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Sunday, April 25, 2010

Small Giants

This week, I had a chance to listen to Bo Burlingham of Inc magazine speak about his latest book, Small Giants. It’s about great companies that could have grown to be big, but decided to stay small and pursue other goals. As is so often the case when I’m confronted with a new concept, it got me to thinking. We all run a company called “me.” Me, Inc. must deal with the same issues as any business. What is the appropriate profit margin? How much debt should we take on? What sort of capital investments would be prudent? How many work hours should we expect per week?

Some people feel like these decisions are made for them, but they’re not. No matter how trapped you feel, you’re still free to do whatever you want. I know, you’re thinking, “right Bellinson, I’ll just tell my boss that I’m only going to be working 40 to 45 hours per week from now on. That’ll go over real big.”
I say, “Why not?” The worst thing that can happen is that you’d get fired. The best thing that could happen is your boss would say, “okay.” The most likely thing to happen would be that your boss would say, “quit screwing around and get back to work.”

Getting fired seems like a pretty daunting prospect, especially in these times. There are people who live on the streets by choice. They have given up material things in exchange for the right not to work. While that is certainly a long way to fall, it can be done. I’m not suggesting that you should follow suit, but if you had to work at a crap job for awhile, in order to create the space to find a job worth your full passion, maybe it would be worth it? Ultimately, the consequences of trying to build the lifestyle you want and failing might not be as bad as never trying.

It has been said that in order to rebuild a life, first the current one must be torn down. I believe there are two ways to go about it: incrementally or with a big bang. Personally, I appreciate the safety net of the incremental approach, but I’d be lying if I said I didn’t fantasize about the big bang. So, what is the “incremental” approach, you ask? Always upgrade your skills. I have a variety of activities that I enjoy. In each one, I strive to be better. Some of the activities I enjoy also provide me with an income. It stands to reason that as my skills improve, I get better – and people are almost always willing to pay more for better things.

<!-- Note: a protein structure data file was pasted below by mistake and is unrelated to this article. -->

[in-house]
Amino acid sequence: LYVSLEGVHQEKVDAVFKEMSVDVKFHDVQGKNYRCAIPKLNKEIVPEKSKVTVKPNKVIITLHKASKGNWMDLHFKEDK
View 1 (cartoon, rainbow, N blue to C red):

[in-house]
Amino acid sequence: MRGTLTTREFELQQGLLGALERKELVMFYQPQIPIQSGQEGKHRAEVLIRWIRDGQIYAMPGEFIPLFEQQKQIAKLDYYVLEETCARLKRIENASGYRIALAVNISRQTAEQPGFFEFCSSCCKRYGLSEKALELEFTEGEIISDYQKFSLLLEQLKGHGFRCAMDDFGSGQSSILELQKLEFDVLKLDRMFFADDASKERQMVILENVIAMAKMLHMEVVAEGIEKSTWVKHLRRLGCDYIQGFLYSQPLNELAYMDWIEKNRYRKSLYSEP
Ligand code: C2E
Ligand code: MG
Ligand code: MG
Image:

It’s not always enough to do well; you also need to know how to sell yourself. I have quite a background in sales, so I am comfortable in the lead sales position for Me, Inc. People who aren’t will need to be that much better at what they do to get noticed. Everyone should learn to sell themselves.

I could rant on incessantly about everything “I think” you should do to make yourself “better.” What would be the point? We all need to decide for ourselves what our path should be. I just think that it’s a shame when people don’t even choose their path. They just let their parents or someone else put them on a path and they float along on that path without ever examining whether it is the right one for them or not. Worse yet, those who know they are on the wrong path, but don’t have the courage to change it. I say, take the jump. You probably won’t fall near as far as you think and you are much more likely to rise in the long run. Going up?


  1. Very thoughtful post, Tom. You got me thinking, too.

    Cheers, Bo Burlingham

  2. What's your 'big bang'?

  3. The "big bang" would be to quit my job, sell the house and become a professional musician. Or, something of that magnitude anyway. As much as I love making music, I don't really think I'd want to do it full time. I'm afraid it would take the joy out of it. More likely, I'd quit, liquidate everything and start a new business.